Stocks are down on the first full trading day after Thanksgiving as investors watch lawmakers here and in Europe grapple with their respective fiscal issues. With roughly an hour left in the trading session, the Dow Jones Industrial Average (DJINDICES:^DJI) is down by 58 points, or 0.44%.
With no major economic releases due out today, investors remain concerned about the so-called fiscal cliff. On Monday, the President's Council of Economic Advisors released a report about the possible consequences of allowing the country to fall over the proverbial cliff. Among other things, the average family of four would see their annual tax bill increase by $2,200, and $200 billion in consumer spending would be lost. Earlier this month, the Congressional Budget Office predicted that the unemployment rate would likely rise above 9% as well.
Investors are also keeping a close eye on the ongoing negotiations in Europe over whether or not to release an additional tranche of support to Greece.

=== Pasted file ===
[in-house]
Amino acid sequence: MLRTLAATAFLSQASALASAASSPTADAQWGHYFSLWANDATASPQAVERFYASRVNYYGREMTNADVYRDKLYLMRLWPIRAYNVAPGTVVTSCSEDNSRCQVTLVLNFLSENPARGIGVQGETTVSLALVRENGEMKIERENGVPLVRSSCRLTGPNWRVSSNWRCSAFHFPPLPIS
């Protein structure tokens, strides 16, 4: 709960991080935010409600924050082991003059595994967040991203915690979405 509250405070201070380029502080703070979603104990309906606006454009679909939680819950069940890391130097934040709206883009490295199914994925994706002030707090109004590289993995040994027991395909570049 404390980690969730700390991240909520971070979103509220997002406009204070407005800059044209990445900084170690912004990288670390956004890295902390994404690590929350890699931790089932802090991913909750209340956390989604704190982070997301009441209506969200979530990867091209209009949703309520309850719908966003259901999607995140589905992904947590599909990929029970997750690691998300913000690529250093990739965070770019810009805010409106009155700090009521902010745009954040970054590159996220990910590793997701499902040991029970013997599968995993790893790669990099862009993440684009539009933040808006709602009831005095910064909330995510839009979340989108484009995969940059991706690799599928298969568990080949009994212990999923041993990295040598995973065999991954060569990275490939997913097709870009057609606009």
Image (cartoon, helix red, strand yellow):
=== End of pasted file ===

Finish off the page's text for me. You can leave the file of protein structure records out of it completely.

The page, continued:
In terms of individual stocks, technology companies make up three out of the six Dow stocks that are higher today. The best-performing of the bunch is Hewlett-Packard (NYSE:HPQ), up nearly 3% after its disappointing quarterly earnings report sent its stock reeling last week.
Shares in non-Dow e-tailer Amazon.com (NASDAQ:AMZN) are also up today. Following an upbeat Black Friday weekend, multiple sources are predicting higher holiday sales this year. To lure customers in on Cyber Monday, Amazon's homepage is advertising a litany of specials on televisions and e-readers, among other things.
Finally, shares in Knight Capital Group (NYSE:KCG) are sharply higher on rumors of a possible buyout by certain of its rivals. The market maker and high-frequency trader nearly went out of business earlier this year when a software glitch caused it to make bad trades worth hundreds of millions of dollars. In the aftermath, a consortium of lenders including Goldman Sachs (NYSE:GS) stepped in to prevent the company from failing.
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John Maxfield has no positions in the stocks mentioned above. The Motley Fool owns shares of Amazon.com. Motley Fool newsletter services recommend Amazon.com and Goldman Sachs Group. Try any of our Foolish newsletter services free for 30 days. We Fools may not all hold the same opinions, but we all believe that considering a diverse range of insights makes us better investors. The Motley Fool has a disclosure policy.